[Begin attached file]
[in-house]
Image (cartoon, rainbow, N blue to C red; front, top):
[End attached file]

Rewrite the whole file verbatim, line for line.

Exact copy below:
[in-house]
Image (cartoon, rainbow, N blue to C red; front, top):